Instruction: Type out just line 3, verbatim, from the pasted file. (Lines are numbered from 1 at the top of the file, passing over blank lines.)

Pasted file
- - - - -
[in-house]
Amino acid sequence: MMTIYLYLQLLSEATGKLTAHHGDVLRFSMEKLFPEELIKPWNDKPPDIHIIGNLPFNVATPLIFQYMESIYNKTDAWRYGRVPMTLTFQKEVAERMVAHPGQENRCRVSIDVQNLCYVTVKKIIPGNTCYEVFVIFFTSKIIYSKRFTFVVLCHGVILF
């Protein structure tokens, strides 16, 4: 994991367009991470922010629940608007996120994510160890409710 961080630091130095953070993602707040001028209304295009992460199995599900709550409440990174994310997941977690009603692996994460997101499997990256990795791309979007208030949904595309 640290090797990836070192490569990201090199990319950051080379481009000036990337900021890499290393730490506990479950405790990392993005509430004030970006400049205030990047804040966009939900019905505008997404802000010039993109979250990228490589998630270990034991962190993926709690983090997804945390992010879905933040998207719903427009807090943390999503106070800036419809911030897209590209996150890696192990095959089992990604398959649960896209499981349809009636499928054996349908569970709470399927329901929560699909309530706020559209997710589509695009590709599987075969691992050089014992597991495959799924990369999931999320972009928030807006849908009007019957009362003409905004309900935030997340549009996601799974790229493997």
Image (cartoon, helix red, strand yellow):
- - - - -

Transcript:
């Protein structure tokens, strides 16, 4: 994991367009991470922010629940608007996120994510160890409710 961080630091130095953070993602707040001028209304295009992460199995599900709550409440990174994310997941977690009603692996994460997101499997990256990795791309979007208030949904595309 640290090797990836070192490569990201090199990319950051080379481009000036990337900021890499290393730490506990479950405790990392993005509430004030970006400049205030990047804040966009939900019905505008997404802000010039993109979250990228490589998630270990034991962190993926709690983090997804945390992010879905933040998207719903427009807090943390999503106070800036419809911030897209590209996150890696192990095959089992990604398959649960896209499981349809009636499928054996349908569970709470399927329901929560699909309530706020559209997710589509695009590709599987075969691992050089014992597991495959799924990369999931999320972009928030807006849908009007019957009362003409905004309900935030997340549009996601799974790229493997």